Dance of Fire, Yelena Black. The sequel to Dance of Shadows. “All dancers dream of the chance to try out for the Royal Court Ballet Company. Only two dancers from the elite New York Ballet Academy will have this honour. Vanessa is one of them. She dances with grace and elegance, and a fury that is unmatched. Justin – strong, sexy and caring – will be her partner. But the thrill of travelling to London for this once-in-a-lifetime competition is shrouded by their past and the demands of an ancient organisation. The Lyric Elite needs them to win the contest and to infiltrate the Royal Court Ballet in order to seek out a dark society of Necrodancers. Vanessa will dance like she has never danced before, but not for them. Vanessa is there to find her missing sister, Margaret, and she won’t let anything get in the way of that … Fierce rivals, dark forces and hidden motives weave together in a gripping thriller for fans of Black Swan and Cassandra Clare’s Mortal Instruments.” (goodreads.com)

A Study in Scarlet, Arthur Conan Doyle. This is the first Sherlock Holmes mystery, first published in 1887. This edition is unabridged. “See how Holmes and Watson met for the first time. A baffling murder with puzzling clues and evil villains takes place and the … cold and quirky detective, with his razor-sharp deductive mind and obsessive attention to detail, is on the case. Told from the journals of his faithful companion, Dr. John Watson, join us for a trip to 221B Baker Street and the beginning of the legend of Sherlock Holmes.” (goodreads.com)

Write to me, won’t you?

Following on from my last post, you may remember that I mentioned Jaclyn Moriarty often writes in an epistolary style, meaning the narrative is constructed of letters, emails, memos, newspaper clippings, blogs, text messages… You get the idea. Books written in this style can be very quick reads because they can be very casual and conversational, particularly with diary entries. I’ve compiled a list of some of my favourite epistolary novels (I read quite a lot of them…)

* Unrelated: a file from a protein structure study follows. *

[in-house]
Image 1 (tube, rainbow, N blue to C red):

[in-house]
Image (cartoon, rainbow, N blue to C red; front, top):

Book cover courtesy of SyndeticsSloppy Firsts, Megan McCafferty

Sixteen-year-old Jessica Darling is devastated when her best friend Hope leaves their hometown of Pineville, New Jersey. Jessica is hyper-observant and without Hope to communicate with, Jessica feels more out of her depth than ever. Now she has to work out how to deal with the craziness of her classmates, her dad’s obsession with Jessica’s track meets and her mother’s obsession with Jessica’s sister Bethany’s lavish wedding – all without any help from Hope, bar the occasional email. And then Jessica begins to strike up an unlikely friendship with the biggest rebel in school Marcus Flutie… Jessica’s diary entries are hilarious, but balance out the humour well by dealing with serious issues, such as death and family drama. And it’s the first in a series of 5!